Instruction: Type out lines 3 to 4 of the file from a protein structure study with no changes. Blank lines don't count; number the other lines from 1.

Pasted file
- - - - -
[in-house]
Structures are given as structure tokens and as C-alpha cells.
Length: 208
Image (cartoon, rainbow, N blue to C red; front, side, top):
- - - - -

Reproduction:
Length: 208
Image (cartoon, rainbow, N blue to C red; front, side, top):